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Tuesday, 8 March 2016

Everyjoe Tuesday: Making Fun of Regressive Leftist Idiots is my Spirit Animal

In this week's Everyjoe I take a look at how ALL OF HUMAN HISTORY proves that Cultural Appropriation is maybe the greatest of all human inventions.  And definitively proves that morons who have a problem with it, people like neo-nazis and Pseudo-activist Swine of the Regressive Left, deserve to be mocked and ridiculed.


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RPGPundit

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11 comments:

  1. Sidebar: Wil Wheaton, Joss Whedon, etc., they all got what they deserved in trying to benefit from/associate with a subculture that cannibalizes its own while attacking the mainstream culture.

    So, no, I don't feel sorry for poor Wil.

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    1. What on earth is that a reference to?

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    2. The article references Wheaton getting flack for using the term "spirit animal" (ostensibly an example of disallowed cultural appropriation).

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    3. I'll assume Will Wheaton and Judd Wheaton are people.

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    4. Will Wheaton is the "actor" (if he merits the term) who played Wesley Crusher in Star Trek: the Next Generation. After years of well-deserved obscurity, he re-emerged as a nerd blogger who became popular for promoting geeky stuff online. He got even bigger after guest-starring on "The Big Bang Theory" (an American sitcom about nerds). He is famously known for being a wimpy variety of pseudo-activist leftist.

      Joss Whedon is the guy who created Buffy the Vampire Slayer, and directed The Avengers.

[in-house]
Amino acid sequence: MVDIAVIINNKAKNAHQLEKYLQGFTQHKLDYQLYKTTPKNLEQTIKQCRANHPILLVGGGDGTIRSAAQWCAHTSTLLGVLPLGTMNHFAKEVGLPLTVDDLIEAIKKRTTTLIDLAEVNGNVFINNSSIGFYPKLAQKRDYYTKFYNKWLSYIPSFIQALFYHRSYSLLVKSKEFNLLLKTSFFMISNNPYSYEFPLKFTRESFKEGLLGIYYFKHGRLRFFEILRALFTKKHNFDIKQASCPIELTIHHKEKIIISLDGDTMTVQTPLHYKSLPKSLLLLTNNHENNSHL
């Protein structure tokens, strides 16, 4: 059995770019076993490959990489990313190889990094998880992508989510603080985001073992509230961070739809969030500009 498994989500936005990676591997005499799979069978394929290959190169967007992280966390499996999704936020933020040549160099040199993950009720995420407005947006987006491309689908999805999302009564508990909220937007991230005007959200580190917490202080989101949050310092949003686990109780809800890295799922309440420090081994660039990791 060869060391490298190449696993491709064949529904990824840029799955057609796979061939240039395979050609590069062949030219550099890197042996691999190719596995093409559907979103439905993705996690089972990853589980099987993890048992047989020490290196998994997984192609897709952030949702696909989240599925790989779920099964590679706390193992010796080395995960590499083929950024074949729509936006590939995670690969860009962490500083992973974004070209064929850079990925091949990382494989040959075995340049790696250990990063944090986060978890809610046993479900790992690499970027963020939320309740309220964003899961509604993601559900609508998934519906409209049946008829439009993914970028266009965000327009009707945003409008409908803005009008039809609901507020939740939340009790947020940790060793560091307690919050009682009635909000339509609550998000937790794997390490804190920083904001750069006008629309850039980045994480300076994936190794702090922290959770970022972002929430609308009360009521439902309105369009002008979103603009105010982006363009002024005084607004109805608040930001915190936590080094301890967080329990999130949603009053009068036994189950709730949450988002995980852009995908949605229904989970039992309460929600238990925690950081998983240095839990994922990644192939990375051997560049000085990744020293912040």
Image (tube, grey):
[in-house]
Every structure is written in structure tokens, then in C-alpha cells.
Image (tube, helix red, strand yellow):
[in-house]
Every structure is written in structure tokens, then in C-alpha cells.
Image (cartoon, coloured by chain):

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    5. Famous is a relative term. I guess I saw him on Star Trek: The Pepsi Generation.

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    6. Young Will was good in STAND BY ME.

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  2. As a Native American youth, I used to be upset by cultural appropriation of Native culture.Shamanism, feather headdresses and stuff like that, tomahawk chop etc. now I now that what I was upset about was disrespectful appropriation. Nobody wants to be made fun of. but I'm fine if somebody thinks my culture is cool and emulates certain aspects.It took awhile , and I think millenials will wise up around the time that I am a old man, given how long it took me.

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    1. I know a lot of First Nations Canadians and every one of them I've talked to obviously strongly dislike stereotypes and ignorant prejudice against "indians", or being mocked. But they all also love to share their culture and art, and like when people admire it. They do hate fake or inaccurate uses of their culture, though; for example, one of the things they hate most is hippy new-ager "fake shamanism" which mixes up and butchers bits and pieces of native spirituality (from various, totally different, native religions and religious cultures), and mixes it in with stuff that has nothing to do with Native spirituality (reiki, crystal healing, chakras, whatever) and then pretends that it's all authentic and that they're "shamans".

      That's bullshit right there.

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    2. I think the operative phrase here is "pretends it's all authentic". That moves the appropriation into disrespectful territory. If you want to incorporate dreamcatchers into your life,It's fine I think, as long as you pay tribute to where it comes from. I might point out that hanging a dreamcatcher over a cars rearview mirror is counter productive(I have seen far too many of those) unless you plan on sleeping behind the wheel, then it's OK.

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    3. I agree. As I said, the problem there is not appropriation, it's ignorance or prejudice.

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